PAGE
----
France will on Wednesday move the remains of World War I writer Maurice Genevoix into its Pantheon of national heroes in Paris, an honour championed by President Emmanuel Macron to encourage remembrance of the conflict.
Genevoix wrote five memoirs of his time as a frontline soldier experiencing the horrors of trench warfare in the conflict, which he later collected into a single book "Ceux de 14" ("Men of 14").
The work is considered by many to be the single greatest literary work to have emerged in French from the 1914-18 war, with its raw insight into the experience of battle drawing comparisons with "Storm of Steel" by German writer Ernst Juenger or the English poetry of Wilfred Owen.
The Pantheon is a secular temple to France's literary luminaries such as Voltaire, Rousseau, Dumas, Hugo and Malraux as well as other great figures from culture, science and politics.
The remains of 70 men are housed under the great dome of the neo-classical building but -- controversially for some -- only five women have been given the honour.
- Resting in peace? -
Only the president can decide on moving personalities to the Pantheon, and Macron has used this authority just once before, in 2018, to give Simone Veil, a former French minister who survived the Holocaust, the honour of a final resting place there.
While the final choice rests with the president, the move can always be vetoed by descendants, as happened when the family of Albert Camus thwarted a bid in 2009 by then president Nicolas Sarkozy to move his remains to the Pantheon.
There is also sometimes controversy, and a campaign that has divided French cultural commentators is in progress to give poets Arthur Rimbaud and Paul Verlaine -- known for their stormy gay relationship as well as impassioned verse -- a final resting place in the Pantheon.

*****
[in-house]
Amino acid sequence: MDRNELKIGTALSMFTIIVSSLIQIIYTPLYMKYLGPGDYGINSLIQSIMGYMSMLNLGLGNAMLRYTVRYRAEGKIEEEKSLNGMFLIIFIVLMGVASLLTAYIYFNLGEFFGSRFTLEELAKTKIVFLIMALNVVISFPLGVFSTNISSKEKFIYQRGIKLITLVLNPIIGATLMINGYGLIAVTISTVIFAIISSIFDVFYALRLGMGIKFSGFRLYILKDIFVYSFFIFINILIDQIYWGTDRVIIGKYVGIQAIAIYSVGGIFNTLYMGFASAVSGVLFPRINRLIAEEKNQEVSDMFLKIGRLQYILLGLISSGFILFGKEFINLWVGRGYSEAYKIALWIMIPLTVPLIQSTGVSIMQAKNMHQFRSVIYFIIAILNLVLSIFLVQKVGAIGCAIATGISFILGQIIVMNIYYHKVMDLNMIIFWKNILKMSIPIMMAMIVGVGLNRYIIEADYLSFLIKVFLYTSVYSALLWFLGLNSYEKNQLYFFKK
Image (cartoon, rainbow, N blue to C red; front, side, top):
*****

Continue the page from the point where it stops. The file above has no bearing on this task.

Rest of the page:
Macron will preside over Wednesday's ceremony, which is taking place on the November 11 Armistice Day that remembers the dead in the world wars.
Marking 102 years since the end of World War I, an installation by French composer Pascal Dusapin and German artist Anselm Kiefer commissioned by the Elysee will be put in the Pantheon.
- 'Never drop our guard' -
The moving of Genevoix's remains had initially been scheduled for last year but was delayed to coincide with the 100th anniversary of the burial of the unknown soldiers in the Arc de Triomphe.
"Genevoix was the voice of memory. Through him, the voice of the 'Men of 14' never ceases to urge us not to drop our guard and to preserve our vigilance when the worst reappears again," Macron said when he announced the move.
Genevoix participated in the battle of the Marne and the march on Verdun. Promoted to lieutenant, he saw the daily life of the infantryman -- the mud, the blood, the storms of steel, what he called all this "insane farce".
Genevoix, then 24, was badly wounded in April 1915 and hospitalised for seven months, and began to write from notes made in the trenches, with his first memoir published as war still raged in 1916.
He wrote five memoirs, which he then united into "Men of 14" in 1949.
"What we did was more than could be asked of men and we did it," he writes in the work.
In later life he wrote novels and also became a champion of ecological causes. He died aged 89 in 1980.